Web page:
Anachronistic music pieces have always been part of the glittery spectacle that comes with Baz Luhrmann’s films. It’s hard to think of Moulin Rouge! without picturing Nicole Kidman’s consumption-stricken cabaret star soaring high above her admirers singing “Diamonds Are a Girl’s Best Friend,” or wonder if West Egg parties would have gotten a hard pass if The Great Gatsby’s soundtrack hadn’t been executive produced by Jay Z.

But for Luhrmann’s new TV project, The Get Down, the beats appear to be as historically accurate as possible. The series, the first six of which arrived on Netflix this Friday, ostensibly tells the story of the birth of hip-hop (then called “the get down”) from the streets of a distraught 1970s Bronx through the eyes of wide-eyed teens trying to rise out of the rubble they see around them. Hip-hop godfather Grandmaster Flash not only consulted on the show, but he’s also a character (played by Mamoudou Athie, one of many relatively unknown and up-and-coming talents who appear in the series). Rapper Nas, who was born in Brooklyn a few years before The Get Down’s story takes place, composed original music that appeared in every episode of the series as well as a signature record on the album’s soundtrack. 

By relying on these established musicians, Luhrmann is keeping with a larger trend in television: the influx of A-list recording artists becoming designers, tastemakers, and influencers of Peak TV programming. Timbaland is an executive producer of Empire, his first partnership with a TV series, and his connections and savvy skills certainly helped the Fox juggernaut’s first season’s soundtrack debut at the top of the Billboard charts. Questlove—quite fittingly, given the series’ name—oversaw the music for A+E Networks’ revival of Roots. Solange Knowles is the music consultant for Issa Rae’s upcoming Insecure, with Raphael Saadiq also writing a score for that HBO comedy.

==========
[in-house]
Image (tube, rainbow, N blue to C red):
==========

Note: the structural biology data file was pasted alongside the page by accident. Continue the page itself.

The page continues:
The relationships each musician has with the series differ by the project. Nas started out as an executive producer on The Get Down, but he told Complex that “Baz always wanted me to do music, and as we sat down with it and started living with it, he knew what he wanted from me musically. I could see his mind working when I was talking to him, and he started coming up with things and then music ideas and more music ideas. I just took his lead on it.”  

Flash was more poetic in his response, telling journalists at the show’s Television Critics Association press day in July that if “the question is if hip hop was a cake, then I cannot tell you how many people took a slice off that cake, being producers, fans, artists, and that alike. But I can tell you about the recipe the flour, the milk, the eggs, the vanilla, and the secret ingredients because I am one of the bakers, along with [musicians] Kool Herc and Afrika Bambaataa.” When Complex pressed for specific instances where his influence can be seen on screen, he said Luhrmann would bug him incessantly for tiny details to help with authenticity and supervising producer Nelson George said that he had “videotaped a conversation between Flash and Baz about time and about movement and about what happens inside a DJ’s earphones.”